Would you like microservices with that?

Musings on software development for the cloud

Is it hard? Not if you have the right attitudes. It’s having the right attitudes that’s hard.
Robert M. Pirsig, Zen and the Art of Motorcycle Maintenance

Let’s build an application

It is interesting to observe how software architecture has evolved over the course of the last decade. Availability of cloud computing has transformed the way modern applications are built. Mobile devices dictate how applications should interface with its users. Even the development process itself is different now - geared towards incremental delivery of value. But how would one design an application that is capable of evolving without a complete rewrite every few years? This is the question that we asked ourselves when we started development of Veset Nimbus few years back. And although there are many ways of achieving the same result, our answer was just a natural continuation of what we were already doing.

Ingredients for a microservice

  1. Create services with limited, but well-defined functionality
    This is simple. Create a service that is designed to do one thing well, for example, sending an e-mail. Now that service becomes a building block that we can use whenever our system needs to send an e-mail.
  2. Make services communicate with each other via interfaces
    It is important that building blocks fit together and become a functioning system. Having well-defined and easy-to-use interfaces is essential. Representational State Transfer (REST) is an architectural style of web services that brings order to the “wild west” of interprocess communications.
  3. Agree that these inter-service interfaces are immutable
    Interface “is forever”. Or, rather, for the lifetime of the services that use the interface. If an interface needs to change - it is a brand new interface.
  4. Add fault tolerance
    Expect inter-service calls to fail. In fact, it is better to adopt the “let it crash” model for fault tolerance. Instead of trying to recover from all possible failure states, service should instead fail and recycle resources for the next request. It is then possible to retry the request on a higher level of abstraction, possibly by routing request to another service entirely. See reactivemanifesto.org for more details on this approach.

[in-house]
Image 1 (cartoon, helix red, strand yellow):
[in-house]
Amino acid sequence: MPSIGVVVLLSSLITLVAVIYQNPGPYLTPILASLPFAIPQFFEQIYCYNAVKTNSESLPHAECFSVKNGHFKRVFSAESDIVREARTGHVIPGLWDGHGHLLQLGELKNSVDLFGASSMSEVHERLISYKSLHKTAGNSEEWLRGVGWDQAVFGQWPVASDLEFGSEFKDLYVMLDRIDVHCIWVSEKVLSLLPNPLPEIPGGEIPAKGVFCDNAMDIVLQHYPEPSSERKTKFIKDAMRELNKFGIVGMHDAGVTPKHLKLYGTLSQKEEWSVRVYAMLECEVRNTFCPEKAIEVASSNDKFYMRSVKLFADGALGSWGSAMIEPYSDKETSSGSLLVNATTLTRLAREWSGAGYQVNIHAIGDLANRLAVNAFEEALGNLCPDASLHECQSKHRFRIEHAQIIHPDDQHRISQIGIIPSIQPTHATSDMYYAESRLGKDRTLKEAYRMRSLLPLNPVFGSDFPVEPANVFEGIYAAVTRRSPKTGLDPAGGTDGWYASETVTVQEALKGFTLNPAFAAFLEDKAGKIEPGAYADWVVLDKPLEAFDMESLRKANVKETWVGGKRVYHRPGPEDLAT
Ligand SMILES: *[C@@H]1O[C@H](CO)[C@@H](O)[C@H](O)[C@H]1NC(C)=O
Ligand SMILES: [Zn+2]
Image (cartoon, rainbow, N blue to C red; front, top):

5. Bring it all together
    Use a service registry, like Netflix Eureka, for service discovery, load balancing and failover. This makes programming against a pool of services easier because it allows offloading some of the complexity of distributed system to a proven and well-tested middleware.

Now, if we take a service-oriented approach paradigm and look at the microservice recipe above, it is easy to become confused beyond belief as to how those two are different. Frankly, from the technology perspective, they are not very different. The usage, however, is different. Microservices are usually designed as fine-grained services with a specific API in mind, whereas SOA are geared toward specific business functions.


Of course, as always, there are two sides to every coin. So here are some positive aspects:

  • A smaller service makes it easier to be developed and maintained by a single developer. This promotes a sense of ownership and responsible development;
  • Each service can be written using different language and tools. This makes it easy to select better tools and frameworks for each service, which promotes data-driven architecture;
  • Easier continuous integration and deployment, because change in a single service does not affect other services in the system;
  • Faster adoption of newer tools and frameworks as a result of shorter development cycles and easier deployment;
  • Failures are isolated to one service/node/cluster etc which means that recovery is faster and can be invisible to the end-user.

And then there are some drawbacks:

  • Additional complexity of the resulting system;
  • Integration testing across different environments can become more difficult;
  • Information technology operations become an integral part of the development process;
  • The architecture of every service should account for possible concurrency issues.
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